• Freedom House, JSA. South Korea's pompous propaganda palace facing the demarcation line. Visitors are usually taken to the Peace Pagoda next to it, which provides good views of the JSA and surrounding countryside. Accessible only from the Southern side.
  • Panmun-guk, JSA. North Korea's pompous propaganda palace facing the demarcation line. Accessible only from the Northern side.
  • T1 through T3, JSA. These are the conference rooms straddling the border: the neat lines of microphones and, outside, the low concrete bar mark the exact position of the line of demarcation. Both South and North Korean soldiers in intentionally intimidating poses stand guard in and around the rooms. You're free to walk around the conference room and can hop from South to North if you wish. Just don't try to leave by the other exit!
  • Bridge of No Return, JSA. After the Korean war, some prisoners of war were given the choice to cross over the bridge or to stay on the side of their captors, hence the name. On August 18, 1976, a US attempt to cut down a poplar tree obstructing visibility of the bridge led to a battle with North Korean forces that left Capt. Arthur Bonifas and Lt. Mark Barrett dead in what was later known as the Axe Murder Incident. The bridge is now closed and a new bridge to the north is used instead.
  • Taesong-dong, DMZ. South Korea's showpiece "Freedom Village" in the DMZ, containing a little over 200 farmers working under 24-hour military guard and a 100-meter flagpole. Entry into the village is not permitted, but you will pass by on your way to the JSA from the South side.
  • Kijong-dong, DMZ. On the North Korean side, this is a former village built up with fancy apartment blocks and a 160-meter flagpole entered in the Guinness Book of World Records as the world's tallest — but nobody lives there, hence its common name "Propaganda Village". Entry into the village is not permitted, but it is clearly visible from the JSA (although binoculars will come in handy).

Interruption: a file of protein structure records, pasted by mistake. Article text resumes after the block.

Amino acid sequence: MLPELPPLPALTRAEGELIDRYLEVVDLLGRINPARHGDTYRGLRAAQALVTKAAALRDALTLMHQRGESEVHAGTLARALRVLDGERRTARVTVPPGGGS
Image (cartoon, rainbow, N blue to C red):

Outside the DMZ

On the South Korean side, sites outside the DMZ can be visited more cheaply and with less hassle.

  • Imjingak, Paju. A four-story museum and observatory 7 km south of the DMZ, with views across the Kaesong River towards the DMZ and North Korea. The train line to Pyongyang passes nearby. This is the closest you can get to the DMZ without security clearance. The museum is open 9 AM to 6 PM daily.
  • Third Tunnel. One of four tunnels from the North to the South discovered so far.




All tourist facilities for foreigners in the DPRK include a gift shop, and the gateway to the DMZ is no exception. Just inside the concrete wall you can purchase Korean art and amongst other things, of course, endless amounts of literature on the Great Leader Kim Il Sung and his son Kim Jong Il.



Somewhat incongruously, in South Korea Camp Bonifas's former monastery building has been turned into a gift shop retailing DMZ-related paraphernalia, including chunks of rusty barbed wire from the original demarcation line (W25,000).



The canteen in Camp Bonifas is no longer open to the civilian visitors, so most tours now head to eat elsewhere. There is no food available for purchase on the Northern side and the closest available facilities are in Kaesong.



Consumption of alcohol in the DMZ is prohibited.



Room and board at Camp Bonifas is restricted to active duty soldiers in the United States Armed Forces. However, retired servicemen who have received the Medal Of Honor might be able to stay on a "space available" basis.



From the South, a strict dress code applies for all visitors, particularly in the JSA: for men, collared shirts and long trousers are mandatory, while T-shirts, sleeveless shirts, short skirts and such are out. The purpose is twofold: one to make sure you don't end up on a North Korean propaganda poster, and the other to to make sure you can run if somebody starts shooting.

Within the DMZ, photography outside designated points is not permitted. Long lenses are allowed, but tripods are not. You must stay together with the group and follow the tour leader's instructions at all times.

From the North, photography is permitted unrestricted at the JSA and the Peace Museum. Elswhere you will have to ask permission.


Stay safe

From the South, entry into the JSA/DMZ requires signing a voucher where you agree to accept responsibility for "injury or death as a direct result of enemy action". Remember: it may be in a state of suspended animation, but both sides have itchy trigger fingers and it's still a war zone.


Get out

Unless you're planning to risk your life in an attempt to defect, this is not a good place to attempt to cross the border.

Biggest country to travel: Biggest cities to travel: Islands in the top travel 40: World Travel guide Random travel link:
South Africa
Sydney in Australia
Berlin Germany
Chicago in USA
Calcutta in India
Isle of Man
Kunming in China

Creative Commons Attribution-ShareAlike 1.0